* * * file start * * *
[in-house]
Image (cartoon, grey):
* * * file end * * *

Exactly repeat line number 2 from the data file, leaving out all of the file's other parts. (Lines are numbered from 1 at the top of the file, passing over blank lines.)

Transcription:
Image (cartoon, grey):